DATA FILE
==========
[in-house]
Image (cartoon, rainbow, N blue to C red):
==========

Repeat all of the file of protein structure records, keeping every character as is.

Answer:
[in-house]
Image (cartoon, rainbow, N blue to C red):